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In 1996, Josh Shachar, Founder, President, CTO of Magnetecs, and the CEO of two companies that continue to engage in the design and manufacture of advanced technology electronics for the U.S. Department of Defense, observed heart catheterization surgery in which the surgeon had great difficulty in guiding a catheter through the complex path of human arteries to reach the desired position. As he observed the surgeon forcibly pushing the catheter with only an approximate idea of its position as viewed on fluoroscopic equipment emitting significant doses of radiation, he conceived of the theoretical application of a catheter control system that could be guided by electromagnetic technology and integrated with advanced imaging and mapping equipment. In 1999, after theoretical and practical studies and the initial patent applications, Shachar formed the predecessor of Magnetecs Corporation to bring the benefits of the CGCI technology to patients around the world and commercialize the CGCI system under development. In 2001 the first prototype of the CGCI system was completed, demonstrating the ability to precisely and continuously monitor a catheter tip in three dimensions using digital sensory signals. The second prototype was completed in 2002, demonstrating that the tip could be magnetically manipulated in two dimensions using a joystick.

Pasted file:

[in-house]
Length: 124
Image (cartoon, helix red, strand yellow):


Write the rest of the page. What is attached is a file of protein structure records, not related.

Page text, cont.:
Magnetecs was incorporated in 2003, and in 2005 a strategic investor in the field of advanced medical devices provided a $1.2 million capital investment that funded part of the construction of the first generation CGCI system for animal trials. In 2007 at Cedars-Sinai Hospital in Los Angeles, Magnetecs began a series of 15 formal animal studies, which were successfully completed in 2008. Based on these studies, a larger and more powerful

CGCI system was designed and completed in the first half of 2009. Subsequently in 2009, the Company received USDA certification for animal studies at its EP laboratories and UL certification of the CGCI system. In the second half of 2009, the Company completed its agreement with Hospital Universitario La Paz in Madrid Spain, for installation of the CGCI system for first-in-man clinical trials, followed by an agreement with Mount Sinai Medical Center for the first human trials in the United States.